But these poems are not! And therefore form a compelling argument for unraveling the ways in which we learn to express ourselves.

This elementary school gem, from Hannah Gamble’s post on poetryfoundation.org:

“The life of my heart is crimson.”

And another:

[Writing about life as a movie:]
“The choir enters, and the director screams
‘Sing with more terror!!!'”

Search Engineering Poems

I found this new thing on reddit – ‘googlepoems‘ – which are poems created by the suggestions that pop up when you start to type a search term into google.

They felt familiar, in a way. Years ago, my friend Natalie discovered the magic of running poems through google translate. It was much more entertaining when google translate was less accurate, but it’s still fun.

Here’s a small section of the second part of Samuel Taylor Coleridge’s poem, ‘The Rime of the Ancient Mariner:’

The Sun now rose upon the right
Out of the sea came he,
Still hid in mist, and on the left
Went down into the sea.

And the good south wind still blew behind
But no sweet bird did follow,
Nor any day for food or play
Came to the mariners’ hollo!

And I had done a hellish thing,
And it would work ’em woe:
For all averred, I had killed the bird
That made the breeze to blow.
Ah wretch! said they, the bird to slay
That made the breeze to blow!

Now here’s that text translated through Haitian Creole – Catalan – German – Icelandic – Italian – Polish – Swedish – Dutch – and finally back to English:

As the sun rose on the right:
It came from the sea,
Hidden in the fog, and went
He fell into the sea.

Merry blew back
But no sweet bird
This is not a day to eat or play
Steig reached sailors!

I have something infernal
And she works AI:
In the case of claims, killed the bird
The airflow.
Oh misery! they said they could kill the bird
Burned wind!

Missing AWP

I teach a class on Thursday nights, which meant that by the time I could make it up to AWP this weekend, most of the conference would have already been over. So I’m home, wishing I were visiting with my writing friends and mentors in a city that actually has snow.

Instead, a blog tribute to a handful of them, since I’m in on a Friday night and reading their poems:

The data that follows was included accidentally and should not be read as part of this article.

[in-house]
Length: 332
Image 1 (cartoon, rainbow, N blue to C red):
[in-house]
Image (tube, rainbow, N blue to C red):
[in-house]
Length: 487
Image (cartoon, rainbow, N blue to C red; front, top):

Bridget Talone – ‘Once, in your hair, there was a hand. It was the best barrette. Knuckled. A wealth of sandwich swords & no one in stabbing range.’

Erica Wright – ‘Sharks, you say, and they don’t blink in their fish tanks. No need to cover carnage when prey presses its face to the glass.’

Matthew Pennock – ‘We’re all waiting for something, Charlie Brown. The Great Pumpkin visits only the sincerest of patches, and we have not a shred of hypocrisy here.’

Timothy Donnelly – ‘The clouds part revealing the advocates of clouds, believers in people, ideas and things, the workers of the united fields of clouds, supporters of the wars to keep clouds safe, the devotees of heartfelt phrase and belief you can change with water over time.’

David Yezzi – ‘The water off these rocks is green and cold. The sandless coast takes the tide in its mouth, as a wolf brings down a deer or lifts its child.’

Betsy Bonner – ‘Samos lay me down to sleep, thirty brown-stained fish in a yawning cove. Weary of waves, urchins and cigarette butts, the abandoned lighthouse couldn’t care less if we stay or go.’

Ricardo Maldonado – ‘On these ends, stout orioles corroded: skeletal tarps in a cardboard nocturama. Troupes congress and pound southward.’

Alexandra Wilder – ‘When we say aloud the word that destroys, that’s when you slow your old run-and-slump, hitch high your skirt like a bad apple in the hand.’

I have ignored – and therefore butchered – all the line breaks here, so you’ll just have to click through to get to what the poets actually intended.